At 10:00 p.m. the staff makes a routine check to make sure everyone is in bed. Jimmy is still staring at the wall, placid and lifeless, when they check on us. They don't seem to care about Jimmy's state much: they roll their eyes and smirk at one another. "He mourns over a silly game? Absurd! He is lucky that Mars will change his pea-size mentality."

I hear their footsteps descend down the hall and I am glad. The longoid that sits in our tree gestures with his seven fingers for me to come to the window. I'm used to the alien's presence by now, and I go to the window without hesitation. He points with a long, bony finger toward the woods that is beyond Shady Pines parking lot. Then he climbs down from the tree and gestures for me to follow him.

"Jimmy," I say. "Come here."

Jimmy doesn't respond. He just sits on the bed, his gaze transfixed at the wall. I call him over to the window several times; finally I go to him and grab his hand and lead him to the window. He shuffles along, not really caring what has piqued my interest, but not pulling away from me, either. "Look it," I say, and point to the longoid. "He wants us to follow him."

Jimmy focuses on the longoid, who is waving for us to come. Jimmy seems to be numb to the turn of events. He shrugs his shoulders listlessly, then bows his head, looking defeated.

I pry the window open and remove the screen. It is several feet to the ground. The night air blows against my face, and, even though my arms pierce with pain from opening the window, I feel refreshed. The alien looks up at me and crosses his longs arms, as if impatient. I shake my head. There is no way Jimmy and I can make it to the ground by ourselves. Forty years ago, yes. But not now.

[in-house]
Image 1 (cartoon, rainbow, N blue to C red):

The longoid seems to sense this. He climbs up the tree and, standing on a thick, protruding branch, reaches over and takes my hand. I step out on the branch, but I feel myself slipping. I am too old to balance myself; I close my eyes, knowing even a short fall as this will break my brittle bones.

I feel myself being lifted with strong arms. The longoid carries me to the ground as if I am a sack of feathers. He sets me on the ground gently, and we both look up at Jimmy. He is looking down at us in confusion. The longoid climbs up to him, and Jimmy lets the alien carry him down. Once we are on the ground I whisper, "We have to be quiet, so they don't hear us." If we are caught, we'd be given a shot of something much stronger than what Jimmy had before, I am sure.